12 Volunteer Vacations That Make an Impact

Go green on your next trip and give back to Mother Nature. These adventures help scientists and conservationists keep popular destinations clean and beautiful for years to come. 

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Photo By: Terranea

Photo By: The Elephant Nature Foundation

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Photo By: The Tree People

Photo By: Friends of the Smokies

Photo By: Deanne Revel

Photo By: Deanne Revel

Photo By: American Hiking Society/Matthew Mage

Kayak and Kelp Cleanup

Terranea, a luxury resort outside of LA, attracts tourists and SoCal locals alike for its prime oceanfront in Palos Verdes. The peninsula is home to more than 700 aquatic species and the resort does its part to help preserve the ecosystem, from monitoring rising sea urchin populations to cleaning the kelp forests. Terranea offers discounted kayak trips throughout the year if you agree to fish out trash while you paddle. It’s a win for your wallet and the environment. If you go, keep an eye out for grey whales and dolphins.

Give Elephants a Bath

There’s a lot controversy with elephant tourism in Thailand, especially riding elephants. The Asian elephant is an endangered species and tourists should do their research on elephant centers to make sure a reserve is in fact reputable. The Elephant Nature Foundation in Northern Thailand is one of the best and strives to educate tourists about the issues surrounding the species. The sanctuary bans riding but instead gives volunteers special interaction opportunities such as feeding elephants fruit treats and giving these gentle giants a bath.

Save the Great Barrier Reef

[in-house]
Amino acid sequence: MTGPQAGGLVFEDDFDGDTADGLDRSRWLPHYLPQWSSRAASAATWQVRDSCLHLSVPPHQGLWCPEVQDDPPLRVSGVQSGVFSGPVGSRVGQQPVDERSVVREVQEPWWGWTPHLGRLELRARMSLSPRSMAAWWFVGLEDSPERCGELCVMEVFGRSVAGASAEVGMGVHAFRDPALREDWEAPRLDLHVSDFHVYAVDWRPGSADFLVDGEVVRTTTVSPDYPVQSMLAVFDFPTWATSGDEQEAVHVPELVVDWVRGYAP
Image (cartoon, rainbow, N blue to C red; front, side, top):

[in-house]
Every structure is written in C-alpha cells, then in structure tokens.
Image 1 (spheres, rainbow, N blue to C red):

Divers around the world have the Great Barrier Reef on their bucket list but many scientists have pronounced Australia’s natural wonder dead due to climate change and pollution. With Earthwatch Expeditions, divers can help scientists understand black band disease on the coral reef. While you explore the reef, you’ll conduct underwater surveys and take photos of damaged coral. In addition to basic SCUBA certifications, divers must pass a medical assessment to participate.

Help Yosemite Biologists

Yosemite National Park is a sports playground with incredible hiking, climbing and skiing but it’s also an important spot for scientific research. In addition to typical volunteer activities like park cleanup and trail maintenance, visitors have the opportunity to help park biologists study rare birds of prey, collect seeds and remove invasive plant species.

Clean the Shores in Big Sur

California’s Big Sur coastline is a road trip favorite and Instagram famous landscape. Instead of just taking photos of this bucket list spot, you can help preserve its habitats. California State Parks has teamed up with the Nature Corps to clean and preserve the coastline. Listen to the waves crash as you collect endangered flora seeds and spread native plant seeds around the coast. This helps rehabilitate the dunes and foothill habitats. You’ll still have tons of time to photograph the Big Sur cliffs and Monterey Bay but when you do Instagram the coast, you’ll know you made an impact.

Research Rhinos in Africa